My 5: The Forbidden City, Beijing.


1. April 2010. Home to a succession of Chinese emperors; Beijing’s incredible Forbidden City served as the very heart of China for over five hundred years and is said to be Planet Earth’s largest palace complex! And right enough you’d be hard pushed to doubt this claim as you walk under The Gate of Heavenly Peace, the disapproving stare of Chairman Mao tracking your every step.

Hall of Supreme Harmony The Forbidden City Beijing

2. April 2010. Boasting a dizzying succession of squares, courtyards and gates, nothing in the complex quite matches the amazing Hall of Supreme Harmony, the palace’s largest and most celebrated structure. And the thirty thousand square meter courtyard it sits in was the venue for many a coronation, wedding and royal birthday party over the years. Built in 1406, it was once the highest structure in the nation and no other building was allowed to be higher than it.

The Forbidden City skyline Beijing

3. April 2010. My favourite part of the day was simply gazing out over the numerous balconies, with stunning views of the Forbidden City skyline and its huddled mass of symmetrical wooden roofs. The place had an almost contradictory feel to it, the orange-yellow sheen of the glazed tiles providing an eerie contrast to the thick, grey smog of the afternoon sky. This struck me as a typical Beijing sensation, a Beauty and the Beast vibe that felt somehow uplifting and unsettling at the same time.

Old Chinese man The Forbidden City Beijing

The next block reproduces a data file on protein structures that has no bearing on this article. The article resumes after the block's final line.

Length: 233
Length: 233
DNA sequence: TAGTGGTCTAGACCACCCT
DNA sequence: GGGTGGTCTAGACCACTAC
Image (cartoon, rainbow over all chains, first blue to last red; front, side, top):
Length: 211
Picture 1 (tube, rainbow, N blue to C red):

4. April 2010. The Forbidden City is the perfect place for people watching, especially Chinese tourists who’ve travelled the length and breadth of the country specifically to see it. This old man chose to admire one of the pavilions from afar, while ahead a huge crowd of feverishly excited tourists poured up the steps to force their way inside.

The Imperial Garden The Forbidden City

5. April 2010. I can’t say I enjoyed The Imperial Garden much. It was clearly a beautiful place, a classical Chinese plot with wonderfully deformed Cypress trees, babbling brooks running under rockeries and four pretty pavilions in each corner. It would have been great to explore in peace; but sadly the obnoxious crowds made it impossible and all I could do was dodge, duck and dive my way through as quickly as I could in order to get away from them all. The tour groups were the worst, a noisy mass of trudging zombies following a giant yellow flag.

For more on my time in the Chinese capital, check out my other 5s on Beijing.

Like these? I’ve also written a zillion My 5s from all across China.

I’ve been living, working and traveling all over the world since 2001, so why not check out my huge library of My 5s from over 30 countries.

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Freelance travel writer, voice over and English teacher from London. Former music and film journalist, interviewer of the stars. Passionate about travel, film, music, football, Indian food.

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